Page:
Now almost a half of a year from my last chemo, my cancerversary is almost around the corner. My last reconstruction surgery for the final implants is June 14. I can wait to see my new chest. I see my oncologist in August for a check up. I think I'll see him every 6 months. Then every year. Then never again.
People tell you that there will be a new normal after cancer. There is. That new normal for me is a much happier and grateful place. Going through the trauma last year, I could still be grateful. It's just different now.
Monday, March 4, 2013
If you didn't know, 3/3/13 was Triple negative breast cancer day. That was the type of cancer in my right mammary. The bad ass kind. The kind they know nothing about, but they're doing more and more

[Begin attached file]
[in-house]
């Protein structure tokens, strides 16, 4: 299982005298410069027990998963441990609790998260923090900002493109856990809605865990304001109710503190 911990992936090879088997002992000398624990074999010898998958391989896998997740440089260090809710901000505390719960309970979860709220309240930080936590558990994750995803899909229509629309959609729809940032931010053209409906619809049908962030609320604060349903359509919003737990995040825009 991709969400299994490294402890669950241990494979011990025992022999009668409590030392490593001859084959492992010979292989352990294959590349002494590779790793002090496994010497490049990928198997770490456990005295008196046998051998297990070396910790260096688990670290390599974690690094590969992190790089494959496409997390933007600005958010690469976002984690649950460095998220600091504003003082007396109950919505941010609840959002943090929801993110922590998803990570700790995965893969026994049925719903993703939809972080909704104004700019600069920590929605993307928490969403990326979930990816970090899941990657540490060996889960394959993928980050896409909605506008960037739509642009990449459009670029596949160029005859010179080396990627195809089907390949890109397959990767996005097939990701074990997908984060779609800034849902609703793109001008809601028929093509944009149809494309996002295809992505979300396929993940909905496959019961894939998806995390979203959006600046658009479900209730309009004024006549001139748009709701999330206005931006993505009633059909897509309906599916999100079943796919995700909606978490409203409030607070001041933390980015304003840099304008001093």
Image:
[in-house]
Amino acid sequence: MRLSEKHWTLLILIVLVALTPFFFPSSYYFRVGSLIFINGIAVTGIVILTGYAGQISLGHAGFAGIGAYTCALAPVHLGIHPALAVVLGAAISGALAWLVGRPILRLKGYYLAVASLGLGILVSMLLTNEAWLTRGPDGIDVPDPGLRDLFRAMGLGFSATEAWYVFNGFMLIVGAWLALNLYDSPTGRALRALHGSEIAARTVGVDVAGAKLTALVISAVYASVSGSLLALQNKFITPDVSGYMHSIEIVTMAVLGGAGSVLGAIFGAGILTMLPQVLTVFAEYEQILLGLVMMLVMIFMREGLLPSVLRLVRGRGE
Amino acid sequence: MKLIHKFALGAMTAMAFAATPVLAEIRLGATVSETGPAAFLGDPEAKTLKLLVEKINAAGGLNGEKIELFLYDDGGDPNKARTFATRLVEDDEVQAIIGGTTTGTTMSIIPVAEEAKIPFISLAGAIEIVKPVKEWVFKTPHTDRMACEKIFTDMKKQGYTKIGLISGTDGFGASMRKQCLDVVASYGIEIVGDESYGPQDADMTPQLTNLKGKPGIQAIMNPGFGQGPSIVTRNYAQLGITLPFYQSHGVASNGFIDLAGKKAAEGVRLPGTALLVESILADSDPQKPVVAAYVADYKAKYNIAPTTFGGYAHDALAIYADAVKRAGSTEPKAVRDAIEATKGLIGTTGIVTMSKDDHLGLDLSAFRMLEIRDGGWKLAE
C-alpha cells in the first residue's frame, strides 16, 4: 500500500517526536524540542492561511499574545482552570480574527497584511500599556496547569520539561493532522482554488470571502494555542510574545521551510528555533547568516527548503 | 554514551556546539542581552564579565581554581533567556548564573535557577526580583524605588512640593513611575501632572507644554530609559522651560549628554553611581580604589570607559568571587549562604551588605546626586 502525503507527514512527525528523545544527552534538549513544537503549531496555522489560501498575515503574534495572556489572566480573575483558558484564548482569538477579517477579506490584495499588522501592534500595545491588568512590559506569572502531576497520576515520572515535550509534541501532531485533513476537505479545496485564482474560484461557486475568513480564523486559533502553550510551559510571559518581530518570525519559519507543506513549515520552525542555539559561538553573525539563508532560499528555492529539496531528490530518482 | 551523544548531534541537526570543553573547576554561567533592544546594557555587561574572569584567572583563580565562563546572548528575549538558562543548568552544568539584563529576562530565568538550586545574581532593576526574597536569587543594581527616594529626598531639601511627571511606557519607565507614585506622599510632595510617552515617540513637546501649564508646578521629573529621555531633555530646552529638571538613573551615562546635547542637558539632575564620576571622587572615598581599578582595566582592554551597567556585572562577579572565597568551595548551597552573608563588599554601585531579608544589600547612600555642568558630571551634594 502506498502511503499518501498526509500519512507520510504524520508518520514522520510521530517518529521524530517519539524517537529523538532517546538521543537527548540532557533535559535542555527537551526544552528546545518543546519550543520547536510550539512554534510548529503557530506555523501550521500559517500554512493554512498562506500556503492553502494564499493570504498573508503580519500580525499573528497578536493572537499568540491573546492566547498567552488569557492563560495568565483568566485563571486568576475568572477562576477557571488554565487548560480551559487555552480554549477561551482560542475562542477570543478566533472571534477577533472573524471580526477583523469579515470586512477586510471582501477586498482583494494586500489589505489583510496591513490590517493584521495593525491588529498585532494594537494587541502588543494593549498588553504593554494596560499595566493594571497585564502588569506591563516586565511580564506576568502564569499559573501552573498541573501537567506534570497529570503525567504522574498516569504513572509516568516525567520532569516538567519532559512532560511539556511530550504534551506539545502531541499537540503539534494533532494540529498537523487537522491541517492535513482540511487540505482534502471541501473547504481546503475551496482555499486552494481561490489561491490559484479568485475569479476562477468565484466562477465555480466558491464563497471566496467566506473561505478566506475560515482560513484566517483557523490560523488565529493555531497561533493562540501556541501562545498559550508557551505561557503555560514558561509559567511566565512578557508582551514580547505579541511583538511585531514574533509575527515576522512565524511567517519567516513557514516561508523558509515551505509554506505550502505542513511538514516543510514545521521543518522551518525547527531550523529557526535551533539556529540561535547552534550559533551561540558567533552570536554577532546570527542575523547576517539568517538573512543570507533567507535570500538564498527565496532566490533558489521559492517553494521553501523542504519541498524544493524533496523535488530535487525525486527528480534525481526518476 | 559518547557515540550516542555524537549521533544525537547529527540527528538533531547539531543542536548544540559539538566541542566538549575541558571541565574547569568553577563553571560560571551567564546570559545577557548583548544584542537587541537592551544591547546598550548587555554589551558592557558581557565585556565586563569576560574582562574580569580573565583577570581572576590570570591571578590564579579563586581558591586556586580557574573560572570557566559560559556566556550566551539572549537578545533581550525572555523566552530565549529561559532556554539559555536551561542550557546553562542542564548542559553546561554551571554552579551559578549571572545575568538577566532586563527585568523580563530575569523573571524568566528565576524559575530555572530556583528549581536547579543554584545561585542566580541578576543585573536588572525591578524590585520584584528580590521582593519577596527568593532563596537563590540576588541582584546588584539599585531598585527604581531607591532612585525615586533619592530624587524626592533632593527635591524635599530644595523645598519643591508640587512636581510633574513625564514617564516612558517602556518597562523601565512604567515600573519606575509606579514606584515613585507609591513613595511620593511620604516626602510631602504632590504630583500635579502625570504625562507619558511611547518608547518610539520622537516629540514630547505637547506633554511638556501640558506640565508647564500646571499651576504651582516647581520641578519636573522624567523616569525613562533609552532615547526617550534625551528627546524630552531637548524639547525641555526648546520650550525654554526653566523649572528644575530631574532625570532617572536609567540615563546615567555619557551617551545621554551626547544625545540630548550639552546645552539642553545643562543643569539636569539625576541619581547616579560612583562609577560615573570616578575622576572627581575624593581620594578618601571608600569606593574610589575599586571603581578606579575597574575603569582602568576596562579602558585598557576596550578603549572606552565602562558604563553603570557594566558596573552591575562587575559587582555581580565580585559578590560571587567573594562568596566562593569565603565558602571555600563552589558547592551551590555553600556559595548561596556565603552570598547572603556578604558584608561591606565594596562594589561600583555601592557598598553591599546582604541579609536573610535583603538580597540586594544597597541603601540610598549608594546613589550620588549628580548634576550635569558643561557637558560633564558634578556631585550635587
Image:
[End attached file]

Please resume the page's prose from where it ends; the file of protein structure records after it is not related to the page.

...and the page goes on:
research. Despite my effort not to think about it, it consumes my brain throughout the day regardless if the day commemorates it or not.
Let me tell you what I think about cancer throughout the day every single day. Mostly I think, "fuck you cancer!" Sometimes "why me?" I wonder how I got it in the first place- karma, the environment, smoking, alcohol, sweets, sexual behavior, negative thinking, aspartame, Splenda, salt, drugs, new car smell, vaccinations, BPA, not being breast fed, dairy, too much meat eating, MSG, carcinogens at work, getting tattooed, subpar drinking water, living in NJ, cell phone usage and on and on. I don't know why I keep revisiting those thoughts, but it's tough not to.